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UK Science is better connected

25 Nov 2016

Lord Martin Rees, Astronomer Royal and former president of the Royal Society, talks about the worries of a post-Brexit Britain and hopes that the value of collaboration isn’t ignored.

This year’s Nobel Physics Prize was shared between three Brits for work mainly done in the UK around 1980. But all three defected to the US during the Thatcher years, when university budgets were heavily squeezed and job-opportunities were scarce. That was the era when CaSE was founded, under its original name ‘Save British Science’.

Fortunately, prospects for UK science have somewhat brightened in the subsequent decades – enough, anyway, to justify CaSE’s decision to drop its original name. We continued to spend a smaller percentage of GDP on research than our competitors, but it was some consolation that science was protected in cash terms by the coalition government.

League tables can be misleading (I think they do more harm than good) but given that they exist we should be gratified that the UK comes second only to the US (with more than 5 times our population) in most science-linked ones. And we are second only to the US in attracting foreign students to our universities – with ensuing benefits not only to the economy, but to our long-term ‘soft power’ worldwide.

Moreover, over the 30 years of CaSE’s existence we’ve had genuine ‘brain gains’. Among these were the current President of the Royal Society (who came from the US); and the discoverers of the wonder-material graphene, (who came to this country from Russia, via a stay in Holland).

So what is the prognosis for the next 30 years? I think we’ll have a bumpy ride. In the immediate future, Brexit, and its impact on the perception of our country, is of course a threat.

Much of the improvement in UK science is owed to strengthening links with Europe Some of Europe’s greatest technical successes – in particle physics and in aerospace, for instance – have required multinational collaboration. CERN and the European Space Agency are underpinned by international treaties: they aren’t directly linked to the EU. However, our collaborations -and our attractions as a partner and a destination for mobile talent – would be jeopardized by Brexit. Academia and high-tech industry in this country benefit hugely from talent attracted from across the EU. The younger generation, especially, see themselves as ‘Europeans’ with a shared culture, and recognise that our continent can be a progressive political force in a turbulent and multipolar world.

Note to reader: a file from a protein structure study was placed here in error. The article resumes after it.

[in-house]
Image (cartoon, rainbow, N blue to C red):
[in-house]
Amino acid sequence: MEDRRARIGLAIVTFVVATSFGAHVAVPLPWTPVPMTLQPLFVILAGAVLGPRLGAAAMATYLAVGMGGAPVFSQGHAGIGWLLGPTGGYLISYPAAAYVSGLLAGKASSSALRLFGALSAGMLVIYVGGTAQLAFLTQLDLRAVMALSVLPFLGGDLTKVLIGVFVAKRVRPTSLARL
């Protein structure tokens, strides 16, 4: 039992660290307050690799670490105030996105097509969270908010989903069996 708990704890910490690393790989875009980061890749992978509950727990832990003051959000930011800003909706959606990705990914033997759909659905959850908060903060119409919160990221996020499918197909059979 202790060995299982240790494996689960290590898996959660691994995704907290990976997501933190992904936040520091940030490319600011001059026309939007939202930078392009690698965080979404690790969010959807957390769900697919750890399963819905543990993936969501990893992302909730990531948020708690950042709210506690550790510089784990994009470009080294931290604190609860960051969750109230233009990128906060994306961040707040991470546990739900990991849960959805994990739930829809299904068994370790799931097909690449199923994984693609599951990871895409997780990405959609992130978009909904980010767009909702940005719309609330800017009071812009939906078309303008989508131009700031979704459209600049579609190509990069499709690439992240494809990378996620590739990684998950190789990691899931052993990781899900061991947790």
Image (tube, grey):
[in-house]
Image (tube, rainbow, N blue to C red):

And the key challenges –issues like bio and cyber-security, and avoiding environmental degradation, must be handled at a continental (if not global) level. And so must the crucial transition to economical low-carbon energy generation: this requires enhanced R and D, and in the longer run a new pan-European grid.

These challenges offer huge opportunities where Europe can take a lead – but have downsides too. Scientists should try to foster benign spin-offs – commercial or otherwise – but should campaign against dubious or threatening applications of their work.

A special obligation lies on those in academia, and on self-employed entrepreneurs – these groups have more freedom to engage in public debate than employees of government or industry. Politicians think parochially, and look towards the next election. Financiers, too often, look to the next quarterly statement. Scientists, as a community, are better at thinking long-term and globally.

“Space-ship Earth” is hurtling through the void. Its passengers are anxious and fractious. Their life-support system is vulnerable to disruption and break-downs. But there is too little planning, too little horizon-scanning. Without a broader perspective – without realizing that we’re all on this crowded world together – governments won’t properly prioritise projects that are long-term in a political perspectives, even if a mere instant in the history of our planet. Just as the UK is a leader in science so it can spearhead these advances.- the whole country suffers if our hard-won scientific excellence spirals into decline. The maxim ‘if we don’t get smarter, we’ll get poorer’ will apply even more powerfully if we have to contend with the fallout from Brexit. Let’s hope that CaSE doesn’t have to revert to its original name.

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